Variolation, or the inoculation of susceptibles by live virus from patients with a mild form of the disease, was becoming popular in Europe at that time. The practice had originated in China as early as 1,000 AD; Chinese doctors had ground the scabs of dried smallpox pustules into powder, this being inhaled by individuals wishing to acquire immunity. The custom had migrated to India and Turkey in a modified form involving inoculation with live virus from smallpox pustules. In the early 18th century, travellers to Turkey had reported on the success of variolation, and some doctors in Europe began to practise it. Unfortunately, even virus from a patient with a mild form of smallpox did not guarantee a mild attack in the new host.
In a paper presented to the Royal French Academy of Sciences in Paris in 1760, Bernoulli set out to present the advantages of variolation. He became involved in a quarrel with D'Alembert on the interpretation of the relative risks of death from smallpox and variolation; D'Alembert maintained that the real risks of the latter were 17 times greater than those of smallpox itself. However, he eventually moderated his objections, and the paper was finally published in 1766. The potential benefits of variolation became irrelevant within 3 decades, as Jenner demonstrated the safety of the cowpox vaccine against smallpox in England in 1796.
Among his many mathematical works, Daniel Bernoulli also made important contributions to probability theory, for example to what became known as the St. Petersburg paradox, to which his cousin Nicholas Bernoulli also contributed usefully. Sheynin (1972) refers to 8 memoirs on probability published between 1738 and 1780, also briefly described in Todhunter (1865). Possibly the most interesting are the memoirs on the normal law, the measurement of risk (1738), the theory of errors, and various urn problems. In his "Traité d'Hydrodynamique", Bernoulli studied the effect of pressure and temperature on gases; assuming that a gas consisted of small particles, he treated the problem by the probabilistic methods of Pascal and Fermat. This was the first attempt to develop a kinetic theory of gases, a feat later achieved by Maxwell and Boltzmann in the nineteenth century.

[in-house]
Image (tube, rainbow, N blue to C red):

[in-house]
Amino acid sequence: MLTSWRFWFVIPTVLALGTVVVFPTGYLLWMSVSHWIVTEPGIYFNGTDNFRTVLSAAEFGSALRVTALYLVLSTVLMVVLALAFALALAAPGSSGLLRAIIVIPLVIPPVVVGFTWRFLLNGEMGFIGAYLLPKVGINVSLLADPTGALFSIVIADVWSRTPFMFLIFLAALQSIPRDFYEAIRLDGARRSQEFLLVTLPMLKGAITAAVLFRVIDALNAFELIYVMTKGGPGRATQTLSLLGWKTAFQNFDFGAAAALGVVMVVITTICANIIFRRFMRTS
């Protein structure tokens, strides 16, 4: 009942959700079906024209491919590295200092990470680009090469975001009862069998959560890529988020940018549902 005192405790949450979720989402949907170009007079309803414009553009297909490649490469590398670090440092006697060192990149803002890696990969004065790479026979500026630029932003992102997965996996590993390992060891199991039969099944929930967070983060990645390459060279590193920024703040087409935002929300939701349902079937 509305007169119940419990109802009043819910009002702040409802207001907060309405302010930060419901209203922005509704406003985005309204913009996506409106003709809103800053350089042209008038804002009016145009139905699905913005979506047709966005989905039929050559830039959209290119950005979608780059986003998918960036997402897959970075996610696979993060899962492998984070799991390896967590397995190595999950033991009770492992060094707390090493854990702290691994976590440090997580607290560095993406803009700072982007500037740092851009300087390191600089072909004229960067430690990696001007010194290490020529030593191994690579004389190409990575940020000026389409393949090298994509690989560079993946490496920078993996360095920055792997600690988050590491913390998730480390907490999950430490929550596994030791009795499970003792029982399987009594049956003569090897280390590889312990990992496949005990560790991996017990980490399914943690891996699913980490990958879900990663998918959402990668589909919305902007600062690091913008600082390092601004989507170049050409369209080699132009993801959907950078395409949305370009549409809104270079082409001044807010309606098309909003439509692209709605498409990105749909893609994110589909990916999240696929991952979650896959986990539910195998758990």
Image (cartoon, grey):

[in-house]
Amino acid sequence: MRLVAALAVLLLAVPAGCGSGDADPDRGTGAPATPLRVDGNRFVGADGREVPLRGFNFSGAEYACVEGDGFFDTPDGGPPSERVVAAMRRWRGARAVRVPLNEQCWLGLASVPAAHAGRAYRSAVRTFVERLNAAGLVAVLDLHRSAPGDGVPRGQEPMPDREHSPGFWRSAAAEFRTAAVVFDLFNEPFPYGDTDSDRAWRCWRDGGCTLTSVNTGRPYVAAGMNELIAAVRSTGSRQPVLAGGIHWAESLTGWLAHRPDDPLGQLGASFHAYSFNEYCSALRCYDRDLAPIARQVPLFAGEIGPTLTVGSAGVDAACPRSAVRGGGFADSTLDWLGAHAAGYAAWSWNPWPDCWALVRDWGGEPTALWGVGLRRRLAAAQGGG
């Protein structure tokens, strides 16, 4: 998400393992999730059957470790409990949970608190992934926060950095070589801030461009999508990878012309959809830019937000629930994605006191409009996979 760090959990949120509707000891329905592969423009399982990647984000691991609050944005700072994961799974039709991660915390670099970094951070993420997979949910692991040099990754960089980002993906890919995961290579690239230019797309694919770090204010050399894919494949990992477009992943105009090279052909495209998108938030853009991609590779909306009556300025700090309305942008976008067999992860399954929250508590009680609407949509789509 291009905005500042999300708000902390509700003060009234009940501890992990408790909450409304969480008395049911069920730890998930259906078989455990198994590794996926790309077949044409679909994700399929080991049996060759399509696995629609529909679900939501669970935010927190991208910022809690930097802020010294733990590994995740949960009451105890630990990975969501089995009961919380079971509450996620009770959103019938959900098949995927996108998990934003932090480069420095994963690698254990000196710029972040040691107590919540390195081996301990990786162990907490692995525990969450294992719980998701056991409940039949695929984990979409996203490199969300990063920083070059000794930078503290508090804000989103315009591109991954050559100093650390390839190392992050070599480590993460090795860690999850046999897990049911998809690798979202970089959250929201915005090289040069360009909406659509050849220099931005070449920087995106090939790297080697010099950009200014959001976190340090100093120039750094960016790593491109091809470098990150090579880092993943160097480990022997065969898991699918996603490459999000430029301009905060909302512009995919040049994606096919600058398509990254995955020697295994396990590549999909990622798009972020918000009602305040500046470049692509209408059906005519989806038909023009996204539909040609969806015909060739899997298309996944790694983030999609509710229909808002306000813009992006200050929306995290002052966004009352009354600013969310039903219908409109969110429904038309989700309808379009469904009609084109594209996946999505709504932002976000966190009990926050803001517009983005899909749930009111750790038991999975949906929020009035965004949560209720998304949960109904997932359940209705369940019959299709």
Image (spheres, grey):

Bernoulli died in Basel in 1782, laden with honours, a polymath whose works on mathematics, probability and infectious disease modelling were recognized for their originality, depth and practical applicability.
"Acknowledgement My thanks are due to Professor K. Dietz for his help in preparing this article.
References
[1] | Bernoulli, Daniel (1738). Exposition of a new theory on the measurement of risk. Translation from the original Latin. Econometrica 22(1954), 23-36. |
[2] | Bernoulli, Daniel (1760). Essai d'une nouvelle analyse de la mortalité causée par la petite vérole et des avantages de l'inoculation pour la prévenir. Mem. Math. Phys. Acad. Roy. Sci., Paris, 1-45. In Histoire de l'Academie Royale des Sciences, 1766. |
[3] | Bernoulli, Daniel (1760). Réflexions sur les avantages de l'inoculation. Mercure de France, June issue, 173-190. Gani, J. (1978). Some problems of epidemic theory (with discussion). Journal of the Royal Statistical Society Series A, 141, 323-347. |
[4] | Halley, E. (1693). An estimate of the mortality of mankind, drawn from curious tables of the births and funerals at the city of Breslaw; with an attempt to ascertain the price of annuities upon lives. Philosophical Transactions of the Royal Society of London, 17, No.196, 596-610. |
[5] | Seal, H. (1977). Studies in the history of probability and statistics. XXXV, Multiple decrements or competing risks. Biometrika, 64, 429-439. |
[6] | Shafer, G. (1982). The Bernoullis. Encyclopedia of Statistical Sciences, Wiley, New York, Vol. 1, 214-219. |
[7] | Sheynin, O.B. (1972). D. Bernoulli's work on probability. RETE Strukturgeschichte der Naturwissenschaften 1, 273-300. Reprinted in Studies in the History of Statistics and Probability, Vol. II (1977), M.G. Kendall and R.L. Plackett, eds. Griffin, London, 105-132. |
[8] | Todhunter, I. (1865). A History of the Mathematical Theory of Probability. Reprinted by Chelsea, New York, 1949. |
Reprinted with permission from Christopher Charles Heyde and Eugene William Seneta (Editors), Statisticians of the Centuries, Springer-Verlag Inc., New York, USA.
Bernoulli, Daniel. Encyclopedia of Mathematics. URL: http://encyclopediaofmath.org/index.php?title=Bernoulli,_Daniel&oldid=55609